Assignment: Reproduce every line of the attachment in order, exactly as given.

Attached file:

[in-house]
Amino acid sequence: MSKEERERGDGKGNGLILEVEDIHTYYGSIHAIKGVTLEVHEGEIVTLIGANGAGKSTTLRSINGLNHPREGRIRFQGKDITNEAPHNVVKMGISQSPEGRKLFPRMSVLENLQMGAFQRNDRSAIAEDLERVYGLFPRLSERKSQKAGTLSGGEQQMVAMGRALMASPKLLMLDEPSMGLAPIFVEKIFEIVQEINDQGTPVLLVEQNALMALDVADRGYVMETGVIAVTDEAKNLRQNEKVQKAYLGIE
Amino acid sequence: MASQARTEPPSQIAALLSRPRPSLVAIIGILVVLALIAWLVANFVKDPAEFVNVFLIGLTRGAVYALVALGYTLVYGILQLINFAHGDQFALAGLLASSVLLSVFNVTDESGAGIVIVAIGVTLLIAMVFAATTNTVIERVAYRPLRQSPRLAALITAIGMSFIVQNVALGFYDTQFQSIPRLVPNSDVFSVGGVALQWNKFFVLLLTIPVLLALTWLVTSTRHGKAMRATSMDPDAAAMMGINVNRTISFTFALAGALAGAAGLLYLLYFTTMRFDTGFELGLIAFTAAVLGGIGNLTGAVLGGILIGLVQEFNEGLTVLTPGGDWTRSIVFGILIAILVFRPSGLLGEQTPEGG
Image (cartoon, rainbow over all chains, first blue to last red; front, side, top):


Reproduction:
[in-house]
Amino acid sequence: MSKEERERGDGKGNGLILEVEDIHTYYGSIHAIKGVTLEVHEGEIVTLIGANGAGKSTTLRSINGLNHPREGRIRFQGKDITNEAPHNVVKMGISQSPEGRKLFPRMSVLENLQMGAFQRNDRSAIAEDLERVYGLFPRLSERKSQKAGTLSGGEQQMVAMGRALMASPKLLMLDEPSMGLAPIFVEKIFEIVQEINDQGTPVLLVEQNALMALDVADRGYVMETGVIAVTDEAKNLRQNEKVQKAYLGIE
Amino acid sequence: MASQARTEPPSQIAALLSRPRPSLVAIIGILVVLALIAWLVANFVKDPAEFVNVFLIGLTRGAVYALVALGYTLVYGILQLINFAHGDQFALAGLLASSVLLSVFNVTDESGAGIVIVAIGVTLLIAMVFAATTNTVIERVAYRPLRQSPRLAALITAIGMSFIVQNVALGFYDTQFQSIPRLVPNSDVFSVGGVALQWNKFFVLLLTIPVLLALTWLVTSTRHGKAMRATSMDPDAAAMMGINVNRTISFTFALAGALAGAAGLLYLLYFTTMRFDTGFELGLIAFTAAVLGGIGNLTGAVLGGILIGLVQEFNEGLTVLTPGGDWTRSIVFGILIAILVFRPSGLLGEQTPEGG
Image (cartoon, rainbow over all chains, first blue to last red; front, side, top):